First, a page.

Hence the importance he places on the skills honed in his management education, during which he and his fellow students “adopted” a start-up for three months and worked with the founder, who later pitched the business to investors in Silicon Valley.

His business education “was fundamental in my understanding that we only get to protect the planet if we don’t see the environment as something to be exploited. The role of the private sector is becoming increasingly important in delivering on sustainable development,” he says.

O’Gorman says his negotiation and leadership techniques were sharpened by his EMBA and his international work experience, which began in the 1990s in the UK and included an MSc in Environmental Policy from the London School of Economics. After a period in Fiji for WWF, O’Gorman spent five years as chief executive of WWF in China, a country renowned at the time for prioritising economic growth over environmental protection.

In this May 25, 2017 photo, environmental activists voice their opposition to Indian miner Adani's proposed Carmichael coal mine, outside Parliament House in Brisbane, Australia. The Carmichael coal project, a massive 22 billion Australian dollar ($16.5 billion) mine that Indian resource billionaire Gautam Adani hopes to start work on this year in the remote Galilee Basin, has created an extraordinary clash between the resource and environment sectors. (Dan Peled/AAP Image via AP)
Australians demonstrate against plans for a coal port they fear could jeopardise the Great Barrier Reef’s status as a world heritage site © AP

A return to his home country with WWF in 2010 was similarly daunting, given Australia’s record of damaging its unique landscape and wildlife through widespread land clearance, as well as the introduction of invasive species such as rabbits, foxes and cane toads.

“Australia has the highest rate of extinctions of mammals in the world over the past 40-50 years. We continue to lose biodiversity through excessive [land] clearing,” he says.

Other environmental challenges facing Australia include the fight over moves to build a large coal port near the Unesco World Heritage-listed Great Barrier Reef in order to exploit one of the world’s biggest untapped coal reserves in Queensland’s Galilee Basin.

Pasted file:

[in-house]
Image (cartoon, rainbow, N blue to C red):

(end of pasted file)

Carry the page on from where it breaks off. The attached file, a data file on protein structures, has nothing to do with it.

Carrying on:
“Australia’s efforts to tackle climate change have been messy politically. [Changing policies] have created enormous uncertainty in the Australian market. That has been a great disappointment when the opportunity for Australia to play a greater leadership role in our region has been squandered,” he says.

According to O’Gorman, the first of four big environmental concerns facing the planet is population growth, with an estimated 9bn human mouths to feed by 2050 likely to increase pressure on turning wild spaces into agricultural land. Creating space for nature, addressing economic and gender inequality in society, and climate change are his three other central environmental concerns.

However, it is Australia’s millennials, he says, who will soon be on the frontline of future environmental battles — a thought that heartens him. “When I talk to CEOs of Australian or multinational companies, if the CEO is over 55, I have to explain to him or her why sustainability is important,” he says. “If I talk to a 35- to 40-year-old CEO they tell me why sustainability or ‘profit for purpose’ is a key part of their philosophy for managing business and how their company is looking to do that.”

Those conversations among passionate, younger chief executives are becoming more prevalent, O’Gorman says with obvious pleasure. “These young people are the ones who will transform the way business thinks about the environment.”